Each time the last surviving veteran from any war passes away, it marks the end of an era and the closing of a chapter in history. The question of who was the last often brings lively debate. In some cases, the claims are contested and not verifiable, and in other times, early records are missing. We’ve combed our archives to share the stories of some veterans who are among the last survivors from the Revolutionary War, War of 1812, Civil War, and WWI.
Revolutionary War: Daniel Frederick Bakeman was the last soldier from the Revolutionary War to receive a pension. He was 109 years old when he died in 1869. Though no specific records to validate Bakeman’s claim of service survived, authorities deemed his testimony credible, and he received a pension. Bakeman was born in Schoharie County, New York, in 1759. At age 18, he enlisted and served as a private in the Tryon County Militia. He fought at the Battle of Johnstown. After the war, Bakeman married Susan Brewer, and they had eight children. Bakeman outlived his wife and two children. He died in Freedom, New York, on April 5, 1869. In his 109 years, Bakeman experienced inventions that revolutionized daily living, such as trains, gas lighting, elevators, typewriters, the sewing machine, and photography. His lengthy pension file contains records, letters, and testimony.
War of 1812: Hiram Cronk was born in Frankfort, New York, on April 19, 1800. He enlisted in the 157th Regiment of the New York militia on October 8, 1814. He was 14 years old and served at the naval station at Sacket’s Harbor. Following the war, Cronk married Mary Thornton. He worked as a shoemaker, and they had ten children, seven of whom survived to adulthood. During his lifetime, Cronk witnessed incredible advances, including the invention of electric lighting, the automobile, and the airplane. When Cronk passed away in 1905, he was honored with a state funeral in New York City. Thousands lined the streets to view his funeral procession. The event was captured on film and preserved in the Library of Congress.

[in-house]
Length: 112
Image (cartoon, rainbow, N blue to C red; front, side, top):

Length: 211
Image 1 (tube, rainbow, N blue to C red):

Civil War: When Albert Henry Woolson was young, he met Abraham Lincoln. It’s hard to comprehend that a soldier who met President Lincoln in the 1860s survived long enough to see Elvis Presley’s hits top the charts in the 1950s. Woolson was born in Antwerp, Minnesota, on February 11, 1847. He enlisted as a drummer boy on October 10, 1864, in the 1st Minnesota Heavy Artillery Regiment, Company C. During Woolson’s lifetime, he had a front-row seat to history and watched the industrial revolution transform the country’s landscape. On his 109th birthday, Woolson said he enjoyed pipes and cigars and smoked for nearly a century, beginning when he was 12. Woolson died in 1956.
WWI: The last surviving American veteran of WWI was Cpl. Frank Woodruff Buckles. Buckles was born on February 1, 1901, in Missouri. He enlisted at 16 and served in the American Expeditionary Forces with a detachment from Fort Riley. He mostly drove ambulances and motorcycles in Germany and France. Following the war, Buckles sailed home aboard the Carpathia – the same ship that rescued survivors of the Titanic. Buckles went to work as a purser on commercial ships. He was in the Philippines in 1941 when Japan invaded and became a civilian POW. He endured nearly three years of cruel treatment before being freed after a US Army raid on the prison where he was held. In 2008, President George W. Bush invited Buckles to the White House. Buckles lived 110 years, passing away on February 27, 2011. He is buried in Arlington National Cemetery.
To learn more about these and other veterans, explore military records, veteran Memorials, and other collections today on Fold3®!